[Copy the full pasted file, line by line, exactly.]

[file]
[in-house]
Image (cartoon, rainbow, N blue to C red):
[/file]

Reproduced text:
[in-house]
Image (cartoon, rainbow, N blue to C red):